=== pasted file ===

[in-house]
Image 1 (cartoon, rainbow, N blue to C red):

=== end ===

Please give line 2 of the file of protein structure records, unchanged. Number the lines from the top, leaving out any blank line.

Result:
Image 1 (cartoon, rainbow, N blue to C red):